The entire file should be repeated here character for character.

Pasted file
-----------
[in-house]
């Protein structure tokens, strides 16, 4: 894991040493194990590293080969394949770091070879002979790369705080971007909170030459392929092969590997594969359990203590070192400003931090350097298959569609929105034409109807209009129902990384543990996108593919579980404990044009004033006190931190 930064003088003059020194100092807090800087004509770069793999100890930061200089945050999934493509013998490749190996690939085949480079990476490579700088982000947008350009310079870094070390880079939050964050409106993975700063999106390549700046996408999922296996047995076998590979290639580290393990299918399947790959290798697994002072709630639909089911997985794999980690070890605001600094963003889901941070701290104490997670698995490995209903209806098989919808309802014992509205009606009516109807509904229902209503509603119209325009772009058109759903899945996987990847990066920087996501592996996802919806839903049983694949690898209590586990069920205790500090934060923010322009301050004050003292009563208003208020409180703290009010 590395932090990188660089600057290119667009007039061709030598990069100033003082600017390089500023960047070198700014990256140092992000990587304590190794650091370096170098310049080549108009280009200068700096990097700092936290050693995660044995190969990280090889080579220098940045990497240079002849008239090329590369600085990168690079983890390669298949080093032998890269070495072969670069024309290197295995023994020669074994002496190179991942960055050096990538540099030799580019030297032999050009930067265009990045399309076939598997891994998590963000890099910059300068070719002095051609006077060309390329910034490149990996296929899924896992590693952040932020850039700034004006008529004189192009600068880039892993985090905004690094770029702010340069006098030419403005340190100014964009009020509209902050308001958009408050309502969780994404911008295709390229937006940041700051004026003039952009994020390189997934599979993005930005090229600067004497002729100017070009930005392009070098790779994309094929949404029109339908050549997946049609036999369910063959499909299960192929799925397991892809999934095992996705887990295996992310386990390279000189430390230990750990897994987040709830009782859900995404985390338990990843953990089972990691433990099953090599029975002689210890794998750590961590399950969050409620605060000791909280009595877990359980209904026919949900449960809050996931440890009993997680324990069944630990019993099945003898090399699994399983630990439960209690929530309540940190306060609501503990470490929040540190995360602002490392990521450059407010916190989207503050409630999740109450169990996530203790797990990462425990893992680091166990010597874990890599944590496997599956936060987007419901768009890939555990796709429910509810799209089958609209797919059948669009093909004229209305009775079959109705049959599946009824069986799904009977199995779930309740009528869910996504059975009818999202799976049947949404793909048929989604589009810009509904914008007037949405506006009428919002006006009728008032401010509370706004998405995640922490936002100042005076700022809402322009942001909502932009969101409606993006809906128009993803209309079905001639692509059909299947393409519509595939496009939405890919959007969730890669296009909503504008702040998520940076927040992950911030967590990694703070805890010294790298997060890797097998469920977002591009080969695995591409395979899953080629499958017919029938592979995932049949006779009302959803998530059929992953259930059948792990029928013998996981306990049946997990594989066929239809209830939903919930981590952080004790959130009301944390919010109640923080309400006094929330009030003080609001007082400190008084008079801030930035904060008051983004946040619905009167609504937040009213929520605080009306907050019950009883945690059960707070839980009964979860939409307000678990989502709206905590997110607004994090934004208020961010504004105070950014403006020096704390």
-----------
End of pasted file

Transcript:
[in-house]
């Protein structure tokens, strides 16, 4: 894991040493194990590293080969394949770091070879002979790369705080971007909170030459392929092969590997594969359990203590070192400003931090350097298959569609929105034409109807209009129902990384543990996108593919579980404990044009004033006190931190 930064003088003059020194100092807090800087004509770069793999100890930061200089945050999934493509013998490749190996690939085949480079990476490579700088982000947008350009310079870094070390880079939050964050409106993975700063999106390549700046996408999922296996047995076998590979290639580290393990299918399947790959290798697994002072709630639909089911997985794999980690070890605001600094963003889901941070701290104490997670698995490995209903209806098989919808309802014992509205009606009516109807509904229902209503509603119209325009772009058109759903899945996987990847990066920087996501592996996802919806839903049983694949690898209590586990069920205790500090934060923010322009301050004050003292009563208003208020409180703290009010 590395932090990188660089600057290119667009007039061709030598990069100033003082600017390089500023960047070198700014990256140092992000990587304590190794650091370096170098310049080549108009280009200068700096990097700092936290050693995660044995190969990280090889080579220098940045990497240079002849008239090329590369600085990168690079983890390669298949080093032998890269070495072969670069024309290197295995023994020669074994002496190179991942960055050096990538540099030799580019030297032999050009930067265009990045399309076939598997891994998590963000890099910059300068070719002095051609006077060309390329910034490149990996296929899924896992590693952040932020850039700034004006008529004189192009600068880039892993985090905004690094770029702010340069006098030419403005340190100014964009009020509209902050308001958009408050309502969780994404911008295709390229937006940041700051004026003039952009994020390189997934599979993005930005090229600067004497002729100017070009930005392009070098790779994309094929949404029109339908050549997946049609036999369910063959499909299960192929799925397991892809999934095992996705887990295996992310386990390279000189430390230990750990897994987040709830009782859900995404985390338990990843953990089972990691433990099953090599029975002689210890794998750590961590399950969050409620605060000791909280009595877990359980209904026919949900449960809050996931440890009993997680324990069944630990019993099945003898090399699994399983630990439960209690929530309540940190306060609501503990470490929040540190995360602002490392990521450059407010916190989207503050409630999740109450169990996530203790797990990462425990893992680091166990010597874990890599944590496997599956936060987007419901768009890939555990796709429910509810799209089958609209797919059948669009093909004229209305009775079959109705049959599946009824069986799904009977199995779930309740009528869910996504059975009818999202799976049947949404793909048929989604589009810009509904914008007037949405506006009428919002006006009728008032401010509370706004998405995640922490936002100042005076700022809402322009942001909502932009969101409606993006809906128009993803209309079905001639692509059909299947393409519509595939496009939405890919959007969730890669296009909503504008702040998520940076927040992950911030967590990694703070805890010294790298997060890797097998469920977002591009080969695995591409395979899953080629499958017919029938592979995932049949006779009302959803998530059929992953259930059948792990029928013998996981306990049946997990594989066929239809209830939903919930981590952080004790959130009301944390919010109640923080309400006094929330009030003080609001007082400190008084008079801030930035904060008051983004946040619905009167609504937040009213929520605080009306907050019950009883945690059960707070839980009964979860939409307000678990989502709206905590997110607004994090934004208020961010504004105070950014403006020096704390």